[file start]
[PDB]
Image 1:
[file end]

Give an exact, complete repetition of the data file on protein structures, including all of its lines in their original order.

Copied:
[PDB]
Image 1: